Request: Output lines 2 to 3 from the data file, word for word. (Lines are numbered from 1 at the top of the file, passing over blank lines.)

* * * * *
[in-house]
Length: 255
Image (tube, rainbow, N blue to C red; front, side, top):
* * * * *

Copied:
Length: 255
Image (tube, rainbow, N blue to C red; front, side, top):